Find Seven New Planet–Forming Discs
mammoth sky survey led by University of Florida astronomers
has uncovered seven planet-forming disks in clusters
of young stars, doubling the number of such disks discovered
and expanding the territory that might yield new planets.
cluster of infant stars in the constellation Perseus
is home to several hundred young and forming stars
and seven planet-forming disks. The image was obtained
with a University of Florida-built near-infrared
camera and multi-object spectrometer at the National
Science Foundation’s Kitt Peak National Observatory
The disks, composed of giant clouds of gas and dust
that surround infant stars, are about 1,000 light-years
away — about four times farther away than most
disks seen previously. They also are by far the biggest
yet observed — which suggests that planets, known
to coalesce in such disks as they rotate, may exist
at much greater distances from stars than any yet discovered.
This observation could lead astronomers to expand the
areas in which they search for new planets — a
search that has so far been confined to stars’
“You might be able to look much farther out than
people have been looking and find planets,” said
Richard Elston, a UF professor of astronomy who conducted
the survey with his colleague and wife, UF astronomy
Professor Elizabeth Lada.
Elston and Lada presented their findings at the American
Astronomical Society meeting in May.
Lada also presented research showing that planets may
come together and form in the disks in far less time
than currently believed. Her findings suggest planets
may form in the first 3 million years of a star’s
life, much earlier than the 10 to 12 million years thought
previously. Although 3 million years may seem like a
long time, it is actually brief for stars, which can
live tens of billions of years. “If you think
of our Sun as a middle-age star and that middle-age
people are about 36, it would seem planet formation
occurs within 1 week of stellar birth,” Lada said.
As a cloud of molecular gas collapses under the pull
of gravity to form a star, it rotates and the dust,
gas and debris gradually gel in the shape of a two-dimensional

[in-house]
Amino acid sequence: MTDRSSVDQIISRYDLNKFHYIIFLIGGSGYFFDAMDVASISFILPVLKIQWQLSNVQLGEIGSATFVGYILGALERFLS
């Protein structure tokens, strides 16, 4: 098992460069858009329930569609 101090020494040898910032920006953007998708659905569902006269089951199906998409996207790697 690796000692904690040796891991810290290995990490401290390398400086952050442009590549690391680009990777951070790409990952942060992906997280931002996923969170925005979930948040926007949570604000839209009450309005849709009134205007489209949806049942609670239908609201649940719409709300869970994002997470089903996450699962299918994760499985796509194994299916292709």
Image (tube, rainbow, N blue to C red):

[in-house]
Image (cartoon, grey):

disk. The material in these disks both feeds into the
forming star and steadily coagulates into bigger and
bigger chunks, which eventually form planets. The remnants
of this process are visible in our own solar system,
where all the planets line up, more or less, along the
same two-dimensional plane.
Elston and Lada found seven such disks as part of a
major survey for newborn celestial objects in “giant
molecular clouds” in the constellations Orion
and Perseus. These clouds, which contain the raw material
for stars and planets, are the largest features of our
galaxy, stretching hundreds of light-years across.
The astronomers worked at the National Science Foundation’s
2.1-meter, or 88-inch, telescope at the Kitt Peak National
Observatory in Arizona, using a UF-developed near-infrared
spectrometer and imager. The Florida Multi-object Imaging
Grism Spectrometer, or FLAMINGOS, can image tens of
thousands of stars in a cloud in the near-infrared each
night — many more than could have been examined
without the instrument. Such observations must be made
in the near-infrared because visible light from young
stars is nearly completely absorbed by dust in the molecular
clouds, rendering the forming stars invisible to the
Computers can encode the infrared light in optical
wavelengths, creating visible images. Most of these
“snapshots” reveal only mature stars, and
the resulting images appear similar to the sky on a
clear night. However, the survey also revealed in several
positions, in Elston’s words, “wild places”
— startling clusters of infant stars in varied
stages of formation. These stars appear in the image
as colorful balls of light, with each of the seven disks
resembling a dark swath surrounding each star.
Astronomers used to think stars formed in relative
isolation. But over the past two decades, research by
Lada and others has shown that stars usually form in
clusters — celestial birthing grounds. Lada and
her colleagues have shown that the majority of stars
in such clusters are formed with circumstellar disks.
So while it wasn’t unusual to find the disks,
the surprise was that they ranged in size from 10 to
100 times larger than any of the handful of similar
disks yet seen and imaged — with each disk stretching
thousands of astronomical units in diameter.
One astronomical unit, the distance from the sun to
Earth, measures 93 million miles. The diameter of our
solar system is approximately 60 astronomical units.
The fact that these disks extend many times farther
than that suggests that planets, too, could extend well
beyond the relatively close proximity observed in our
solar system and elsewhere. That would be good news
for astronomers because the further planets are from
stars, the easier they are to detect, Elston said.